In order to make money over time, one needs to assume at least some risk. The more risk a person takes, the more potential there is for greater return. But also along with that comes the risk of loss in the shorter term. One should only take as much risk as they can withstand without getting to the point of feeling investments must be sold when they have declined. This could cause significant harm.
To help in this assessment, click Your Risk Profile and answer the five questions. PLEASE, PLEASE, PLEASE, before answering each question, read the information below…
Question 1… These are typical ranges and not the best and the worst each risk profile could be. There are outliers on the upside and downside. Also realize, that if the timeframe was longer, the upside would be lower and the downside would be less or non existent… the longer the timeframe the likelihood of loss gets lower and then goes away. It is also important to realize that taking more risk leads to a greater rate of return difference over greater periods of time than seems apparent in the 12 month periods of this question.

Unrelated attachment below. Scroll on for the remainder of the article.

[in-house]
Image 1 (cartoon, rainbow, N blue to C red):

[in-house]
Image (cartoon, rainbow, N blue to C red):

Question 2… This is the outlier question. If there a market decline like the one seen from November 2007 through early March 2009 (was the worst since the Great Depression) that causes stocks to go down more than typical, how much loss could you experience before you felt you had to take your money out of stocks, even if you were counselled that it was not wise to do so?
Question 3… This is less about your expertise and more about your feelings toward the stock market, so don’t worry if you don’t know for sure what the market will do.
Question 5… Please note that there has to be a definitive plan to take out at least 1/3 of your portfolio for something OTHER THAN retirement spending for you to put any other answer than NEVER.
Additional Note… Your selection in question 1 is not necessary your risk profile. Questions 2-5 will either move you to the left or right of what you selected in Question 1. When you have completed all the questions, look at the bottom right of page two to see which risk profile (RP) you are and compare it to what you selected in Question 1. If you are uncomfortable with the risk profile scoring, I suggest you look at the question explanations as well as all your answers again more carefully and consider whether adjusting them to end up with the typical range of returns that you prefer in Question 1 would make sense for you.
When you have completed the form, please print, sign/date, and either scan/email or mail the form to me. Don’t download the pdf first, or you will lose your answers and your risk profile scoring.